Sounds like a plan–I hope to see you in April. Actually, I’ve never met Jack either so I look forward to meeting him too at some point!

    Have fun in Portland and the many wine bars–just not at PDX.



  18. […] “Lake Wobegon wines” [Dr. V] Map of New York City wine shops [Dr. […]

  19. I enjoyed tasting Argentina wines with you back in April.

    Regarding the awarding of 5 100-point scores, aside from the fact that the wines merited their scores, I tasted well over 1500 Spanish wines for that review. By my calculations, that makes the percentage less than 0.03. That roughly corresponds to the percentage of 100 point scores that RMP has awarded over the years.

    Some folks have implied that I was a bit bold to award such good scores on my first time out of the box. I’d simply say to taste the wines and form your own judgment. If you can’t give a 100 point score in the 2004 vintage, you’ll never give one, it was that great a year. And then there is the fact that over the past 22 years I have tasted side-by-side with Bob Parker at least 1000 times. I think he trusts my palate at this point.

    Regarding grade inflation, The Wine Advocate’s policy has been to not list wines that failed to earn a recommendation. In my Chile report in the current issue, I tasted 650 wines and 277 were recommended. Averaging in the non-recommended wines would probably make the average score in the high 70s.

    The other point to consider is that the overall quality of wines over the past 25 years has increased enormously. Nowadays, you virtually never see wines that are commercially unacceptable due to technical flaws. That was commonplace back in the day.

  20. Hi Jay,

    Thanks for stopping by.

    I have not tried any of the wines from Spain that you rated 100 but I am up to your challenge of tasting them myself–if I can find one that is! Perhaps I’ll end up with one of the many 95+ points instead.

    Regarding the overall trend toward higher scores, I think it would be helpful for readers to know which wines were evaluated and found not up to snuff. If you don’t want to publish a list of their exact scores, then perhaps you could publish a list of wines tasted for the review? That way readers who follow your scores would know which wines to avoid in case they were confronted with them on a wine list, say, where choices can be more limited. This could be accomplished on your web site, which wouldn’t raise the printing costs.

    The question of whether wines have gotten “better” is, of course, as inherently subjective as giving a wine a perfect score. There may be fewer “technically” flawed wines available in the market now. And storage conditions have also improved.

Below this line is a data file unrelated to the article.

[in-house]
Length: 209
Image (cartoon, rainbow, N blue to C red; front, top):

But there are also more (red) wines available that have higher extraction and higher alcohol. Whether this is a good thing or even avoidable is a matter for debate. Clearly you take one side on this. And, for the sake of argument, I’d be happy to take the other. Shall we do it in 500 words or less?



  21. […] the thread on grade inflation in wines. He comments about the trend and specifically discusses his recent reviews of Spanish wines, which […]

  22. I totally agree with Tyler that if the Advocate really is only running rated reviews of recommended wines, publishing the names of the others is mandatory if Dr. Jay and RMPJr. expect people NOT ot think grade inflation is chronic. It’s also the right thing to do given Parker’s longtime standing as a consumer advocate; wines that don’t pass muster are important to many people as well as wines that do. Note that Wine & Spirits is the only glossy mag I know of that publishes (albeit online only) the names of every wine tasted.

    The de facto bottom line of the massive increas in both numbers of wines available and number of wines rated is simply that points no longer have the impact they once did. 85 poitns is worthy of barely a shrug. THere are really only two scores now: 90 or not.

    I think all wines deserve exactly 88 points.


  23. The issue of whether to list non-recommended wines has been batted around frequently over the years. Up until recently, when the only vehicle was the hard copy, and space limited, it was an easy call; printing and postage costs add up quickly. Now, with the internet, that’s not an issue any longer. Obviously, most people subscribing to The Wine Advocate want to know what to buy, not what to avoid. And, invariably, if non-recommended wines are listed, some people may want to know was it a close call or was it really, really nasty. In the end, it’s not my call. i could be persuaded either way.

  24. Jay –

    I’m curious how you factor the emotion of the moment into your ratings? I was surprised to learn that it matters for RMP jr when he told the Naples Daily News earlier this year that, “I’m a very passionate person and an emotional person. I really think probably the only difference between a 96-, 97-, 98-, 99-, and 100-point wine is really the emotion of the moment.”

    It seems completely understandable as a consumer. But it also seems to run counter to the entire operation of scoring wine if the opinion can be so subjective from one setting to the next. Your thoughts?

  25. […] you go: relativism. That’s what I just mentioned in the comments section to Jay Miller, a critic at the Wine Advocate. Join the fray with your comments! Or see Jay Miller’s […]